Audience is one of the most important aspects of business writing because it can vary significantly. A business writer must consider the perspectives and influences of clients, vendors, customers, colleagues, stakeholders, investors, and more. To accomplish this, they need to determine their readers’ goals, interests, and familiarity with the subject matter.
For example, the audience of a press release may not be familiar with the company and its services or products. At the very least, a press release will have a wider audience than other documents with audiences external to the company like newsletters. The writer might consider adding more introductory information to a press release and less specialized information.
Internal audiences — readers from within the company or organization — also vary. A report is read by superiors, stakeholders, and key players in your project. These readers expect detail and formality. A meeting agenda is used by people who plan to expand upon the agenda during the meeting itself, so it requires less detail and often less formality. A simple email or memo can be sent to senior leaders, middle managers, or new employees, all of whom require different levels of formality and types of information.
Tone and Style
Tone refers to the feeling or the impression that the reader gets from the document. Tone communicates intention. In general, the tone of business documents should be direct, formal, and non-discriminatory. However, because the audience for a business document varies so much, business writers should be prepared to adapt the tone to the type of business document.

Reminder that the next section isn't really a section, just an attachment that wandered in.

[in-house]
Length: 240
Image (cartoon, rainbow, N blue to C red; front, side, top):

For example, when onboarding and training new employees, business writers may soften a direct, formal training document with friendly or warm language. In contrast, when a functional head wants to sell their VP on a new business venture, they may project confidence, include fact-based evidence, and use persuasive language.
A newsletter that advertises events or products might use a more personal tone or employ marketing techniques to persuade its audience to follow a call to action. On the other hand, an informative business text will establish credibility and maintain a formal register.
Business writers need to have a grasp on style. Different media have different styling conventions; a PowerPoint, email, and press release involve completely different kinds of writing and formatting.
Regardless of format, business writing usually favors brevity and simplicity. A clear, concise document is more readable — and thus more convincing — than a rambling document. Bullets, numbered lists, tables of contents, and graphics are always useful.